One study [26] describing a search for miRNA abundance in the hippocampal region of AD patients’ brain, show upregulation of miR-9, -125b, and -128 compared to age-matched controls. Furthermore, miR-34a [27], -145b, and -155 [28,29] are significantly higher in abundance compared to age-matched controls in CSF and extracellular fluid (ECF).

MiR-107 was shown to be downregulated in AD [30]. The levels of these miRNAs were also reduced in AD patients, and include miR-137, -181c, -9, -29a, -29b [31], and -146a [25].

There is evidence showing that the changes at miRNA levels are associated with some parts of AD pathology, such as in the case of miR-16 which could potentially inhibit expression of amyloid precursor protein (APP) in age-related senescence-accelerated mouse prone 8 (SAMP8) mice [32]. Several differently expressed miRNA in AD were identified, but these results have not yet been confirmed [25,3335]. There is still progress to be made in continually monitoring the changes in the level of individual miRNA as biomarkers for AD [31,3638].

2.2. Blood-Based Biomarkers

The blood proteome is one of the most complex components of the human proteome [7,39]. With about 60–80 g/L protein content in blood plasma, the concentration of protein is extraordinarily higher than 0.15–0.45 g/L in CSF [40]. As a source of biomarkers, several blood biomarkers candidates have been proposed [9,11,41]. Blood is in contact with all cells of the organism, and (1) it is easily accessible and represents a non-invasive liquid biopsy; (2) it provides a cost and time efficient way to clinical trials. Blood can be separated into different components: plasma and serum. Serum is similar to plasma in composition but without the clotting factor [42].

As we are aware, Aβ is a widely researched plasma biomarker for AD. However, it is unclear the extent to which blood Aβ levels accurately reflect the presence or state of AD. Koyama [43] searched prospective studies published between 1995 and 2011 regarding Aβ40, Aβ42, and Aβ42:Aβ40. The literature showed lower Aβ42:Aβ40 ratios were mainly associated with AD and dementia.

There are several biomarkers identified in blood in last decades, such as Apolipoprotein E (ApoE) localized on chromosome 19. The report from Gupta [44] showed that the levels of plasma ApoE in AD revealed an obvious relationship between ApoE levels and AD. Apo A-IV as an up-regulated protein was identified in serum samples of AD [45]. Interleukins (IL-1α, IL-6) is one of the strongest evidence of inflammatory agents that increase the risk of AD [46]. Clusterin (CLU) is a lipoprotein found to be part of amyloid plaques. Two studies have identified variants in CLU is associated with the risks of AD [47,48]. α-1-antichymotrypsin (α-ACT) participates in the inflammatory cascade of AD and enhances the formation of amyloid fibrils. Several reports showed increased concentrations of α-ACT in serum of AD patients [4951]. Activity-dependent neuroprotective protein (ADNP) is expressed primarily in the cerebellum, hippocampus, and cerebral cortex in human brain [52,53]. However, when Yang [45] tested serum samples from 45 early-stage AD patients; their results showed ADNP was down-regulated.

The likelihood of blood samples having more influence on biomarker discovery is high, despite being a relatively, disadvantaged source, peripheral blood is a complex tissue containing too many proteins, making it non-specific.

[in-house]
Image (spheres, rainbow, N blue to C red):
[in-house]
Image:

2.3. CSF-Based Biomarkers

As an alternative to blood, other biofluids such as urine and cerebrospinal fluid (CSF) can be used in biomarker discovery [5456]. The CSF, being most proximal to the Central Nervous System (CNS), (1) directly interacts with the space of the brain and reflects biochemical changes that occur in the brain; (2) CSF collection is a highly invasive procedure that may cause patient discomfort and immediate side effects [57]. Normally, CSF contains components from both the blood and the CNS [58,59], which also plays an ideal role for identifying biomarkers for AD.

CSF biomarkers are used more commonly for diagnosing AD in the clinic. According to Blennow [9], CSF biomarkers for AD can be divided into two groups: the basic one and the core one.

Albumin is a basic group protein. Test results show that albumin can be produced by the liver [60] and it makes up more than 50% of the protein content in blood. Due to fact that most of the albumin present in CSF is blood-derived, the ratio of CSF to serum albumin concentrations is a biomarker for blood-brain barrier (BBB) function. An increase in this ratio indicates BBB damage, which is normal in AD patients, unless the patient has concomitant cerebrovascular disease [61].

Secretory Ca2+-dependent phospholipases A2 (sPLA2) is another BBB factor. Chalbot [62,63] demonstrated that in AD patients, the sPLA2 level is elevated compared to the control group, making it a good biomarker for BBB function.

Visinin-like 1(VLP-1) is expressed in neurons. The levels of VLP-1 are increased in CSF after stroke in rats and the same regulation was present in serum after stroke in humans [64,65].

Microtubule-associated protein tau (TAU) was first reported in 1975 [66]. One study showed that almost all samples have shown an increase in T-tau in AD patients by approximately 300% with a sensitivity and specificity of 80%–90% [67]. High T-tau level in CSF has also been associated with fast progression from mild cognitive impairment (MCI) to AD [68], and with rapid cognitive decline and a high mortality rate in patients with AD [69,70]. High CSF phosphorylated-tau (P-tau) has the same correlations; there is a strong relationship between MCI and AD [68], and with rapid cognitive decline in AD [69].

Neurofilament proteins (NF) are specifically found in neurons [71], an uptrend level of NF in CSF reflects axonal damage. High levels of the neurofilament heavy chain isoform NFHSM135 have been found in AD [72].